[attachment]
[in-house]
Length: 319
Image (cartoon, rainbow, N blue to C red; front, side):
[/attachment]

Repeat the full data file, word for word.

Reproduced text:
[in-house]
Length: 319
Image (cartoon, rainbow, N blue to C red; front, side):